Weekly Bible studies that engage youth and young adults in connecting world events with the Bible, faith, and everyday life.
Read this story of a former gang member, Antonio, who escaped a life of violence, drug abuse, and crime, in part because someone was willing to take a risk and give him a job. http://www.mercedsunstar.com/167/story/443711.html This was a turning point in his life that gave him hope in the midst of what some people call a “cloud of hopelessness” among many young people living in poverty.
It has taken more than just a job to get Antonio out of his gang life; the job came along with a support network, people to talk with him, check in with him, and to pray with him. But it does seem to be working for him.
The director of a program and ministry with former gang members can’t hide his enthusiasm for the positive changes that have already taken place in Antonio’s life. “The rewards are far beyond what I expected,” he comments. “Here’s a guy that came with a felony and is now talking about getting out on his own, and he’s paying taxes. You can’t help but get excited about that.”
In the meantime, Antonio says he is taking his life “day by day.” Although his old friends still want to “hang out,” he acknowledges that it would not be the best thing. “I’ve got too much going for me to lose it,” he said.
Can anyone be sure he’ll stay away from his earlier life of crime? “You can’t. It’s all up to me. Either I want to or not,” he said. “But I have faith in God that everything is going to work out for me.”
- Based on your experiences, observing young people around you, or the experiences of your friends, what kinds of things do people turn to or do when they are starving for support, a sense of identity and recognition, to belong to a community, or even just trying to survive day-to-day?
- What are the reasons that employers might be unwilling to hire someone like Antonio?
- What can the church do for people like Antonio? (Are there things your own congregation is doing for young people living in poverty, gang members, or young people who are having problems with the law
Scripture Texts (NRSV) for Sunday, September 21, 2008.
(Text links are to oremus Bible Browser. Oremus Bible Browser is not affiliated with or supported by the Evangelical Lutheran Church in America. You can find the calendar of readings for Year A at Lectionary Readings.)
For lectionary humor and insight, check the weekly comic Agnus Day.
In today’s Gospel lesson, Jesus tells a parable about an employer (vineyard owner) who ran his company quite a bit differently than most employers. He went out and hired people four different times during the day, including the last group at 5:00 — close to quitting time. Anyone who had not been hired by 5:00 and was still looking for work was probably two things: not a very desirable employee and desperate for work. This employer hired them all! Then he did the strangest thing of all, he paid them all the same amount of money, no matter how long they had worked.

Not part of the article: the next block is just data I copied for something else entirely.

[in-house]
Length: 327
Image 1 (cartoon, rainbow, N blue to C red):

In verse 15, Jesus describes the employer saying to the grumbling, angry workers who had been hired early in the day, “Am I not allowed to do what I choose with what belongs to me? Or are you envious because I am generous?” In other words, the employer has the right to be generous, even ridiculously generous, with his own money and resources.
So what’s the point of this story that hardly seems fair by our standards? Jesus is comparing the employer to God who gives us WAY more than we have earned or deserve. Why? Because God wants to… because God can. God’s sense of justice and love can seem kind of crazy compared to our own!
- What is the greatest thing you have ever received that you know you did not deserve?
- How did receiving that generosity make you act toward others?
- When you consider the world, who would you have the greatest difficulty being generous to? Loving? Forgiving? Seeing as an equal? (Go back and talk about the twist in Jesus’ story: loving those we’d prefer to hate; being generous with those we’d like to see suffer.)
Learn about and offer support for a prison or rehabilitation ministry in your community or state. Contact your Lutheran Social Services office to find out what they do for prisoners or those just released from prison. Find out how you can help.
Generous God, we thank you that you give to us, and to everyone, far more than we could ever deserve or earn through our own work or effort. Inspire gratitude and generosity in us, even when we are reluctant or afraid to be so. In Jesus’ name we pray. Amen
Contributed by Pastor Seth Moland-Kovash
All Saints Lutheran Church